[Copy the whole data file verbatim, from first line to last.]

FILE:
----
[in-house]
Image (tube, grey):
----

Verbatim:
[in-house]
Image (tube, grey):